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Wednesday, Sep. 17, 2014

The Day the Lights Went Out

Wednesday, August 19, 2009

A long time ago, ice was big business.

The ice plant was built on the north side of Thayer in 1912 by M. J. Morse and Clark Hall.

Ice was especially crucial in those days.

The railroad needed it for the cars that carried fruit and meat during shipment, not to mention residents who used it in their "ice boxes."

The Ark-Mo Power Company bought the dam at Mammoth Spring in 1925 and installed a generator to produce electricity which supplied several surrounding towns, including Thayer and West Plains, with electric power.

Thayer then converted the ice plant to electricity from engine driven generators, in 1926.

As the demand for electricity increased after the depression, electricity rates became a topic.

Thayer's councilmen learned that the city of West Plains was receiving more favorable rates and took issue with the power company.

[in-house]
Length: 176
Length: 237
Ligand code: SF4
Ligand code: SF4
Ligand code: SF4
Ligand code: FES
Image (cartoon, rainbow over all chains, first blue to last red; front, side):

As the dialogue and feelings heated up, Thayer's city councilmen, led by Joe Harlin, decided to install their own engines to generate electricity and didn't renew their contract with Ark-Mo Power.

Unfortunately, the installers did not have the two new engines ready by the end of the power company contract.

On that day, April 22, 1938, the Ark-Mo Power Company workers cut the lines at the south edge of the Thayer city limits and the town went dark.

It was called "the day the lights went out."

It took until the following Saturday afternoon upon a demand from the Missouri Public Service Commission to restore power to Thayer.

The "new" ice and light plant engines came on line on June 23, 1938.

A profit center for the city, it produced reasonable rates until fuel, maintenance, labor and increased demand, led the city of Thayer to again go back to purchasing electricity in the 1950s.

Councilman Harlin was elected Mayor at Thayer in the 1940 fall elections, but had a heart attack and died in December of that same year.